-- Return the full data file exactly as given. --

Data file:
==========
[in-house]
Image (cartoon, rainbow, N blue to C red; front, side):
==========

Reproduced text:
[in-house]
Image (cartoon, rainbow, N blue to C red; front, side):